Examples of FDIC insurance limits and coverage in a single institution:

  1. Single investor who has cash positions of:

$50,000 in a checking account

$125,000 in a savings account

$100,000 in a CD

$50,000 in cash in an IRA account

$25,000 in cash in a second IRA account

This investor would receive $250,000 of FDIC protection for the $275,000 that is in the checking account, the savings account, and the CD.  This investor would receive a further $75,000 of FDIC protection for the cash in the two IRA accounts.  If this investor were to shift at least $25,000 of the cash in the individual accounts that are not fully covered by the FDIC $250,000 limit to another bank, they would receive a further $25,000 in protection and thereby protect all $350,000 of their cash.

  1. Married investors who have cash positions of:

$100,000 in spouse 1’s checking account $75,000 in spouse 2’s checking account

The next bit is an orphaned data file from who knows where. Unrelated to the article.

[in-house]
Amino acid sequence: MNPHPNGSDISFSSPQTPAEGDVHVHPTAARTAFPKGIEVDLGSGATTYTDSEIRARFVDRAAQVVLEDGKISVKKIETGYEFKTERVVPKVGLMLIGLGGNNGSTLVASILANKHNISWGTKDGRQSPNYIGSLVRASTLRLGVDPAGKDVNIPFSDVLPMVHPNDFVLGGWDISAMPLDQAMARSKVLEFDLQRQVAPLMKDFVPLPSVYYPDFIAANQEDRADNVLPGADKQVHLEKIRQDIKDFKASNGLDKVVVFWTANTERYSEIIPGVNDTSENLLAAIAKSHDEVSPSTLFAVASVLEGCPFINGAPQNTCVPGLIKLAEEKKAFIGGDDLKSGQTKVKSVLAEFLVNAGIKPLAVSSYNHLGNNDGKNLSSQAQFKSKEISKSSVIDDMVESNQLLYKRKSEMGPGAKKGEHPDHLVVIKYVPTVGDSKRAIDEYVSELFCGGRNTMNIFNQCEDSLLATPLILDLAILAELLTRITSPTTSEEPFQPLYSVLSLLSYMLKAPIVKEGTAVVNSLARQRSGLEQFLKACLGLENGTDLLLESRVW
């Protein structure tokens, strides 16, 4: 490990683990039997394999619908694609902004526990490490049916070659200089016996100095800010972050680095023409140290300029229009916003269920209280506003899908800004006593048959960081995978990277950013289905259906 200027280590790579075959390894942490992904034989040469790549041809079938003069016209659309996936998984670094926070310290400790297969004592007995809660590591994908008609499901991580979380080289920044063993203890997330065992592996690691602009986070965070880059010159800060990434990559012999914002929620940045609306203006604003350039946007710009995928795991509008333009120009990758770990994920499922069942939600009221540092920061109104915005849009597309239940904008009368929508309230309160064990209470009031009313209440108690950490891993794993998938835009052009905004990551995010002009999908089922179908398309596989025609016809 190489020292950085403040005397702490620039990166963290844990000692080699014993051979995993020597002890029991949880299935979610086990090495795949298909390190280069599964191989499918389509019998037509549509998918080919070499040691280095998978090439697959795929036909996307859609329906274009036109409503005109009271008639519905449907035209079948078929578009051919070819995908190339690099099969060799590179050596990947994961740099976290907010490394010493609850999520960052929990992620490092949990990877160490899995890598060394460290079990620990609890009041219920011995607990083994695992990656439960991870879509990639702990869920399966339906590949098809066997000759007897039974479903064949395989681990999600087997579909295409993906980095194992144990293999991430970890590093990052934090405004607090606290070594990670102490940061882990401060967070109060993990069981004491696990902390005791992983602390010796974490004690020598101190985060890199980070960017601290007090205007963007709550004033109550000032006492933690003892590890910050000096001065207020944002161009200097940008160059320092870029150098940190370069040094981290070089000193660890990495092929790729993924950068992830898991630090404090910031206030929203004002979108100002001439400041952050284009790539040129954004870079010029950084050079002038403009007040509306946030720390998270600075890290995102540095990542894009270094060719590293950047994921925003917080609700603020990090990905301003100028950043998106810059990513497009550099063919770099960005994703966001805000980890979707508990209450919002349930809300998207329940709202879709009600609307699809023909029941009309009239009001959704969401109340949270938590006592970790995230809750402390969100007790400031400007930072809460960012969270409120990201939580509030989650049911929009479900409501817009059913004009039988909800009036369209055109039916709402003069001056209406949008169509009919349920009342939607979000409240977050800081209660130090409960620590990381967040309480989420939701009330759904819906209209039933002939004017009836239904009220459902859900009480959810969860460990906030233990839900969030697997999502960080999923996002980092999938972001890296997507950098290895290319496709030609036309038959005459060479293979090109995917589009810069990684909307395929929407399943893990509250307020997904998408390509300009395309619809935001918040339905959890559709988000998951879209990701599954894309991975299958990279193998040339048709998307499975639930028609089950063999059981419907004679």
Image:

$100,000 in spouse 1’s savings account $150,000 in spouse 2’s savings account

$100,000 in spouse 1’s CD $50,000 in spouse 2’s CD

$250,000 in spouse 1’s IRA account $350,000 in spouse 2’s IRA account

$25,000 in spouse 1’s 2nd IRA account $500,000 in spouse 2’s C-Corp account

$350,000 in a joint checking account $200,000 in a joint savings account

Firstly, yes, I know, that is an incredible, barely believable amount of cash.  It is highly unlikely we would ever advise anyone hold so much cash, especially in highly inflationary times without some very compelling reason.  However, for illustrative purposes, these investors would receive the following FDIC protection:

Spouse 1 would receive the full $250,000 protection on the checking and savings accounts, as well as the CD, as those are all considered under the same ownership category.  However, there is $50,000 between those three investments that would not be protected unless spouse 1 moves enough cash to another bank.  Spouse 1 would also receive the full $250,000 protection on the IRA investments, but would leave $25,000 unprotected.

Spouse 2 would receive the full $250,000 protection on the checking and savings accounts, as well as the CD, but $25,000 would be unprotected.  Spouse 2 would also receive the full $250,000 protection on the IRA investments, but would leave $100,000 unprotected.  Lastly, spouse 2 would receive $250,000 protection on the cash in the C-Corp account, leaving just as much unprotected.